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Genes with predominantly (but not homogeneously) high expression in the experimental group as compared to a control group exhibit a high difference between the average expression among highly expressed samples of the experimental group and the average expression in the control group. To estimate this difference, it is straightforward to compare trimmed means. One way to choose the trimming proportion adaptively is based on a series of comparisons of trimmed means. This is done using a t-statistic where trimmed empirical means and trimmed empirical variances of the two groups are plugged in. For this test statistic the trimming proportion is selected from a pre-determined set, e. g., {0.0, 0.1, 0.2, 0.3}. Raw P-values are computed for each trimming proportion by comparing the value of the test statistic to the t-distribution with appropriate degrees of freedom. We define that trimming proportion as the 'optimal' one which yields the smallest raw P-value. Of course, the optimization of the trimming proportion has to be accounted for when generating the permutation distribution of the test statistic: the same series of tests is performed for each permutation and the minimum of the obtained P-values is selected as the P-value corresponding to that permutation. Obviously, there is a trade-off between the number of tests to be corrected for and the chance of finding that trimming proportion that best detects PHE. Because of the inherent optimization with respect to the trimming proportion, we denote this test as the optimization test (Opt-test).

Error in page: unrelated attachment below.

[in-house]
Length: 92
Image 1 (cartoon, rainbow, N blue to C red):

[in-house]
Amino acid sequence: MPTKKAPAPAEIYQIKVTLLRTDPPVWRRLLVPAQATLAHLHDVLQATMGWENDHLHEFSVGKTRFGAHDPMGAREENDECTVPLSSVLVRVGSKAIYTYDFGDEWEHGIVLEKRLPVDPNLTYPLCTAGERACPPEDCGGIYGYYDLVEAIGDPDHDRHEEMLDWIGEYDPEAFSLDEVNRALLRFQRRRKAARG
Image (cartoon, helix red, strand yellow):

We have prepared an R package implementing the Opt-test and, for comparison purposes, the traditional t-test, suitable for application in microarray studies. The package takes a matrix of gene expression and a vector of group labels as input, and computes Opt-test and t statistics. Furthermore, q-values controlling the false discovery rate are computed for each gene. A constant can be added to the pooled within-group standard error estimate of each gene to stabilize the distribution of test statistic, similar to the approach used in the samr package (Chu et al, 2009). A utility function supplied with the package can be employed to optimize this constant.

References:**Gleiss, A., Sanchez-Cabo, F., Perco, P., Tong, D., Heinze, G.** (2011): "Adaptive trimmed t-Tests for identifying predominantly high expression in a microarray experiment", *Statistics in Medicine* 30 (1), 52 - 61**Chu, G., Narasimhan, B., Tibshirani, R., Tusher, V.**: "Significance Analysis of Microarrays - Users guide and technical document", available at http://www-stat.stanford.edu/~tibs/SAM/sam.pdf (accessed 3rd November 2009)

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